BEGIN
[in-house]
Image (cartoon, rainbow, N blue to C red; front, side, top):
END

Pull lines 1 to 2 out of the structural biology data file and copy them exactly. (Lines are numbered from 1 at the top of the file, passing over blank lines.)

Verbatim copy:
[in-house]
Image (cartoon, rainbow, N blue to C red; front, side, top):